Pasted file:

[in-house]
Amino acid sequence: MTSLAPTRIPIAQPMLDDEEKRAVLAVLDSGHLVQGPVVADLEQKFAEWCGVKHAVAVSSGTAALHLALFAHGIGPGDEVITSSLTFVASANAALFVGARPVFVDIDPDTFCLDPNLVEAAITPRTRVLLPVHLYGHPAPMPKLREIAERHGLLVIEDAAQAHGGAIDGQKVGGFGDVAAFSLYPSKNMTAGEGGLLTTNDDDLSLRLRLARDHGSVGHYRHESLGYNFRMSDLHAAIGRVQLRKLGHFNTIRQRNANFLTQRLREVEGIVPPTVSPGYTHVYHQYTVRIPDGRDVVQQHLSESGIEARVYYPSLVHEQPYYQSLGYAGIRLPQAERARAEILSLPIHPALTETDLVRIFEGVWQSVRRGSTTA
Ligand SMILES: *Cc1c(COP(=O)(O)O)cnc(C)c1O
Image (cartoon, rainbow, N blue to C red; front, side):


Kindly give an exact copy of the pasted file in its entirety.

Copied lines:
[in-house]
Amino acid sequence: MTSLAPTRIPIAQPMLDDEEKRAVLAVLDSGHLVQGPVVADLEQKFAEWCGVKHAVAVSSGTAALHLALFAHGIGPGDEVITSSLTFVASANAALFVGARPVFVDIDPDTFCLDPNLVEAAITPRTRVLLPVHLYGHPAPMPKLREIAERHGLLVIEDAAQAHGGAIDGQKVGGFGDVAAFSLYPSKNMTAGEGGLLTTNDDDLSLRLRLARDHGSVGHYRHESLGYNFRMSDLHAAIGRVQLRKLGHFNTIRQRNANFLTQRLREVEGIVPPTVSPGYTHVYHQYTVRIPDGRDVVQQHLSESGIEARVYYPSLVHEQPYYQSLGYAGIRLPQAERARAEILSLPIHPALTETDLVRIFEGVWQSVRRGSTTA
Ligand SMILES: *Cc1c(COP(=O)(O)O)cnc(C)c1O
Image (cartoon, rainbow, N blue to C red; front, side):